The first half of 2007 saw McMurray devoting much of his time to reorganizing the Los Angeles office of The Cochran Firm, as the 20-office, first national plaintiff’s firm is now known, to make it self-funding and provide greater profit potential. McMurray expects to be hiring, now that his office has started to take on cases of alleged employment discrimination.
“We’ve been inundated because we’re minority-owned and operated and most of the cases are going to be from protected classes,” he says, noting that it employs a diverse group of lawyers. “Our clients know we’re going to understand their problems.”
If you want to get McMurray’s blood boiling, ask him about California’s medical malpractice laws.
“You can’t make those cases your primary focus because the cap on noneconomic damages is $250,000, while the scale for fees starts at 40 percent for the first $50,000, and over $300,000 you only receive 15 percent,” explains McMurray. He fumes that they have not changed since 1975, making the damage limit equivalent to $65,000 in today’s dollars. “The defense can afford to get the best experts and no other profession has a jury instruction that says that just because the defendant makes a mistake, he is not necessarily negligent,” he notes.
McMurray adds that with six-year term limits, it is hard to find legislators who “have a deep understanding of the foundation of our civil liberties.” Going to Sacramento to defend the rights of patients from big business is the one part of his job he really dislikes, he says. He hopes for at least an adjustment to the caps to make up for 32 years of inflation.
One of his wins was against the much-troubled King/Drew Medical Center in South Central, where a young man was brought after being wounded in the leg in a drive-by shooting. It took four hours for the emergency physician to attend to him, by which time the patient was nonresponsive. The subsequent surgery was successful and he was supposed to be sent to the intensive care unit, where a bed was waiting for him, but was instead left in the regular ward for hours, where he died. After the verdict, the hospital’s emergency procedures were changed to protect against anything like that happening again.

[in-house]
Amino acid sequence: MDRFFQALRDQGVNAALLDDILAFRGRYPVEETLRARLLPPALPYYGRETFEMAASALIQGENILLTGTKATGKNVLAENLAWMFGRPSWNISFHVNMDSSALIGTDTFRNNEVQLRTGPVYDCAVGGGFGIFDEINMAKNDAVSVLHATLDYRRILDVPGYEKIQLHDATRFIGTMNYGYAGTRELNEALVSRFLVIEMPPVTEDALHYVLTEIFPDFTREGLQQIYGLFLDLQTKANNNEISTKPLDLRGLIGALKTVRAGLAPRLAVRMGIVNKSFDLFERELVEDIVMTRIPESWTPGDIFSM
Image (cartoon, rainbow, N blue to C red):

It is not always tragic drama in court, however. At one trial, McMurray brought in Peter Yarrow of the folk group Peter, Paul and Mary, who testified as an expert witness because he is now a music producer. After Yarrow had estimated the lost earnings of the client, a musician who had suffered from the side effects of an anti-depression drug, the judge asked if he would perform one of the group’s hits. Soon, everyone, including the prosecutor, was singing “Puff the Magic Dragon.”
Dedicated to raising the standards of the practice of the law, McMurray frequently teaches seminars and is the first African American to become vice president of the Consumer Attorneys Association of Los Angeles. He is slated to become its president in 2009.
McMurray lives four blocks from his office, but does not let his large workload take over his entire life. He tries to swim every day, run and go to the gym. Occasionally, he takes his kayak onto lakes and the nearby ocean. Divorced, he loves to go with his son, 15, and daughter, 13, to Yosemite National Park whenever possible and is deeply committed to its preservation. He and his kids also love to build model cars. McMurray is active in charities and donates money and time to a long list, including the Cochran Brain Center at Cedars-Sinai Medical Center.
But then, come Monday morning, McMurray can’t wait to get back to work.
“My passion is to make changes,” he says. “I grew up an idealist and people said you can’t change the world, but I think you can, one case at a time.”